That exercise marked the final graded requirement in the 13-week course, which is widely seen as some of the toughest training in the military.
The few, the proud will soon have a female infantry officer - a historic first in the almost 250-year history of the Marine Corps, according to a report.
The unidentified Marine lieutenant, the 31st female candidate for the branch's grueling Infantry Officer Course, has officially completed PALMFEX, the three-week live-fire exercise conducted at Twentynine Palms in California that marks a "culminating event" for all aspiring infantry officers, alongside her male colleagues. Three dozen women have attempted the course, but this woman, who has not yet been named, was the first to pass it. They spoke on condition of anonymity because the graduation has not yet occurred.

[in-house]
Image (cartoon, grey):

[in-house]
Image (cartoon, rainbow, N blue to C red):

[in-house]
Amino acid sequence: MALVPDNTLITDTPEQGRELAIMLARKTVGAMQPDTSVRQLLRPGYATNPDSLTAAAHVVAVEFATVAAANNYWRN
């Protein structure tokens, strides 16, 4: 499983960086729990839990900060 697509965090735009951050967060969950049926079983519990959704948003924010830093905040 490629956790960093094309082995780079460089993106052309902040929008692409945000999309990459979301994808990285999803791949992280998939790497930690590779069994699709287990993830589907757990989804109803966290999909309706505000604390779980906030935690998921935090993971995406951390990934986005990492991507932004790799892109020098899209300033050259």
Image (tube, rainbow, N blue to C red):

Upon graduation, the first female infantry officer is expected to lead a platoon of infantry Marines.
Since the course opened up, more than 30 female officers have attempted it and failed.
Another four women, including the officer expected to graduate, have attempted to complete the course since 2015, according to the Post.
Officials with knowledge of the woman declined to reveal her name, asserting that she did not want to gain media attention and instead remain as a "quiet professional".
The decision proved to be unpopular among the Marine Corps, whose officials made an unsuccessful request for an exception to allowing women to serve in infantry and armor positions.
This is such a huge deal- my hope is that she is never an officer who says she never considered her gender as being an issue in her career.